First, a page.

I am very pleased with myself. I was not motivated at all to get out there, yet once I did, I had a fantastic 17 mile run. It was my longest trail run by far. I ran it at an 11-minute-mile pace. I don't think that is too shabby. I am looking forward to the next one.

*I only have three bottles for my hydration belt. I lost the fourth during the final stretch of the AFC half marathon and didn't want to go back for it. On a warm day out on the trails, 30 ounces isn't quite enough.
** I was told, quite equivocally, by both my husband and my neighbor that it is much too early for snakes...even on a lovely sunny day. They both chuckled at me when I told them of my fear. I am not sure if I will be running back there this summer. shiver...
***I parked my car at the bottom of the hill going into our neighborhood. I knew that the last thing I would want to do after a 17 or 18 mile run was go straight up a hill to my house.

Kindness of Strangers...

I was moved to tears at the supportive and encouraging comments that many of you left on my last post. Marathonman, you really touched me by suggesting that my readers sponsor my next marathon. You started a bit of a trend when several others followed your lead. Thank you. Thank you. Thank you.

As sweet and as generous it is for virtual strangers (or all we now really virtual friends?) to offer to help me pay my way, I am pretty confident that I will be able to come up with entry fees with birthday gifts. I am not 100% comfortable accepting charity...yet.

HOWEVER, in the vein of sponsorship, I AM fundraising for a much more worthy cause than my personal running endeavors. I am a team captain for the March of Dimes March for Babies in April for the Central San Diego Stroller Strides locations. I might even run my marathon for all the March of Dimes babies out there. I have been blessed with two very healthy children. I had good prenatal care and no major complications during my pregnancies. Many women are not so lucky. Money raised by the March of Dimes will help:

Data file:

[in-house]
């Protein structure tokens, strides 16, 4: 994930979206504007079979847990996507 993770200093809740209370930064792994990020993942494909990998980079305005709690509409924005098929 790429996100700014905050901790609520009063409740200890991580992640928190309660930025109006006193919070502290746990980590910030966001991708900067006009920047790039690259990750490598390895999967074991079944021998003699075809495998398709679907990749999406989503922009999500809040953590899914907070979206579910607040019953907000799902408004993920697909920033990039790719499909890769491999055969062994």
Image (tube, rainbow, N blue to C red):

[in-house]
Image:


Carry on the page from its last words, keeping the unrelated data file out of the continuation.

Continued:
• support all-important research offering preventions and solutions for babies born too soon or with birth defects
  • educate women on things they can do to increase their chances of having a healthy baby
  • provide comfort and information to families with a newborn in intensive care
  • push for newborn screening and health insurance for all pregnant women and children

Thanks again for the encouraging words. I feel very lucky to have this outlet. I never would have thought that I would find such an inspiring and supportive group of readers. Writing about my running exploits has been such a wonderful release for me. To find a group of people who actually read it is more than I could have asked for.

happy running...

Sunday, March 8, 2009

A little perspective

I had a great run today. I didn't have my Garmin with me, but I am pretty sure I ran sixteen miles in about a 9:40-9:45 average*. I felt good the entire time with just a bit of leg achiness during the last couple of miles. The best thing is that I finished strong and feel pretty energized right now. Whereas last week I couldn't have gone one block further than the 14 miles, today I know I could have run longer.
I started out the run composing a blog post in my head that was very whiny. My working title during those first miles was "falling apart.**" I was in that fog of negativity for the first third of the run. I finally turned on some music (Laura had pulled ahead of me) and focused on where I was running. I was running along the Pacific Ocean***, for crying out loud. It was a clear 50 degree morning- perfect for running. How can anyone focus on negativity running in that environment??

As I ran by Wind and Sea Beach, I thought about my favorite family pictures taken there a few years ago. What wonderful family memories we have. Despite the rough times that we are going through, I am so blessed to have such a great family. I have two fantastic kids and a great guy whom I love and loves me back. We are all healthy and happy.

As I was dodging tourists by the seal beach, I reflected on how lucky I am to live here. There were two busloads of people admiring a beach (and the seals lounging on it) that I get to run by on a random weekend run. Later, on the way back in Pacific Beach, I slowed down so I would not run into a tourist or two (or six!) meandering along the boardwalk before or after enjoying a nice surfside breakfast.

The final turning point for my mood came when this song came on, right around the turn-around point. Not only does it have the perfect running beat, but the lyrics are fun. I was practically punching the air while it was playing. How can you hear this song without moving?? I played it three times!! *blush*